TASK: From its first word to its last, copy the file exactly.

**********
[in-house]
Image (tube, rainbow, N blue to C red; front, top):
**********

[in-house]
Image (tube, rainbow, N blue to C red; front, top):